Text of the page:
Pepkor sambas into the Brazilian market
After taking the biggest hit of the retailers during the July riots last year, JSE-listed Pepkor group has bounced back this year, with the acquisition of a majority stake in Brazil’s Avenida.
Pepkor’s purchase of 87% of Brazilian value retailer Avenida brings its international profile to 11 countries. The company began its global outreach in 1998, with Best 4 Less in Australia, and has since established itself in the likes of Poland, New Zealand and the UK.
The deal, from a cash-rich Pepkor base, cost less than 4% of Pepkor’s market cap (R88.4 billion), which works out to just under R3.5 billion.
Chief executive Leon Lourens says the deal follows more than two years of extensive research into emerging market opportunities and a thorough due diligence by management and various advisers, ultimately identifying Avenida as a strong strategic fit.
“This is a geography with enormous growth potential. Pepkor has proven to be successful in the international expansion of its business model in the past and… the combination of Avenida and Pepkor brings together the required capital, retail synergies and the collective know-how to bolster Avenida’s growth … to become a giant in Brazilian value retail,” he says.
Avenida already has more than 2,400 employees, an average turnover of BRL 5.1 million per store for the year to December 2021 and net revenue of BRL 773 million for the same period.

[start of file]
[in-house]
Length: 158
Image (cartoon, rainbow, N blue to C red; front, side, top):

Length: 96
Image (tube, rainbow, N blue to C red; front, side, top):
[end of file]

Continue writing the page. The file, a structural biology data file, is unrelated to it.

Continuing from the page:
Avenida CEO Rodrigo Caseli says the company’s founders are proud to join the globally respected Pepkor and look forward to expanding and growing the business in Brazil.
The biggest economy in South America, Brazil’s middle-class income segment accounts for more than 50% of the population at 117.2 million, providing a market that is ripe for Avenida to expand its offering. Two Pepkor senior executives, Lourens and chief financial officer Riaan Hanekom, will join the Avenida board, with a dedicated Pepkor retail adviser.
Less than a year ago, the popular South African retail group had to rebuild after 549 stores, or 10% of the local retail base, were looted during the Durban and Gauteng July riots. However, more than 75% of the stores reopened in three months, testifying to the resilience of the company. The R1.9-billion loss from the unrest was largely mitigated by business interruption cover and South African Special Risk Insurance (Sasria) cover.
For the year to end-September 2021, Pepkor posted a 115.2% increase in headline earnings to R5-billion and surpassed pre-Covid 2019 profitability levels. At the time, Lourens noted that Pepkor’s net debt had dropped from R13.9-billion to R5-billion over the previous three years as a result of the company’s strong cash generation model. More than 90% of the group’s sales are generated in cash and in the year to September alone cash sales generated R11-billion.
The group’s model of aggressively entering the market through value stores aimed at the middle- to lower-income groups seems to be paying off, both locally and globally. DM/BM
Daily Maverick © All rights reserved